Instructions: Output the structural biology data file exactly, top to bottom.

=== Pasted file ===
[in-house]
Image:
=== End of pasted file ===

[in-house]
Image: